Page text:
It's the time of year when radio stations bust out the holiday classics, those songs you look forward to hearing every single Christmas. Here's the story behind four of the most popular ones, with links for you to click in case you're not hearing them often enough.
Bruce Springsteen's "Santa Claus Is Coming to Town" was recorded live on December 12, 1975, at C.W. Post College in New York, although it wasn't released until 1982, and it was mighty hard to find until Springsteen put it on the flipside of "My Hometown," one of the many singles from his legendary Born in the USA album. You can hear Bruce laughing because his saxophone player, Clarence Clemons, has come onstage in Santa regalia, and it's cracking him up.
The Eagles'"Please Come Home for Christmas" is an R&B song originally recorded in 1960. The Eagles' version was first heard at Christmas 1978, and was unusual in that it actually made the Billboard Hot 100, which Casey Kasem used for American Top 40. If you had been listening to Casey in January 1979, you would have heard it on the show even though Christmas was over, because it reached #18 in that month.
Elton John's "Step Into Christmas" celebrates its 40th anniversary this year. Released as a thank-you to the fans after Elton's highly successful 1973, it's never been off the radio at Christmastime since. This vintage video is worth a click, although I don't think it's from 1973--Elton's hairline dates it to somewhat later in the 70s.
John Lennon's "Happy Xmas (War Is Over)" was released in 1971, but the slogan "War is over if you want it" dates back to John and Yoko's "Bed-in for Peace" campaign in 1969. They bought billboards with the slogan in major cities around the world that year; two years later, they turned the sentiment into a song that's going to be on the radio every Christmas until the end of time.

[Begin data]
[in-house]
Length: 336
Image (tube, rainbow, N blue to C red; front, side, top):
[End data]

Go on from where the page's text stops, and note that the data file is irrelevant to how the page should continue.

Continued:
Hear these and plenty of others on "Saturday at the 70s," all week long on Magic, and on "98 Hours of Christmas Magic" starting on Sunday, December 22.
You probably know that Magic 98 is streaming online, and you can listen from anywhere in the world by clicking "Listen Live" at Magic 98.com. People really do listen in faraway places--I've had people check in on my shows recently from Texas, Pennsylvania, Arizona, and Florida. We once got an e-mail from a Madisonian who had relocated to Europe but listened online to get a little taste of home. And we know there are lots of American Top 40 fans who can't hear the show where they live, so they log on for Casey every weekend.
But what if all you have is a desktop computer? Maybe you're traveling and you don't want to carry the laptop. Maybe you don't have an Internet connection where you're going. Wouldn't it be great if there were an easy way to listen to Magic on your smartphone or tablet?
There is. Ann got me a Kindle tablet recently, and I discovered an app called TuneIn Radio that lets you choose from upwards of 100,000 radio stations around the world--including Magic 98. Whether you have an iPhone, a Blackberry, a Google phone, or you run Android apps, you can get the TuneIn Radio app free. It also works on certain TVs and connected devices for your TV, and even in your car, if you're equipped for that.
Find out how to get TuneIn Radio here. (The app is free, but as always, your own data plan charges may apply as you listen.) Then, when you're listening to us on some beach while there's a blizzard back here, you can call up and gloat. Or not. Your choice.)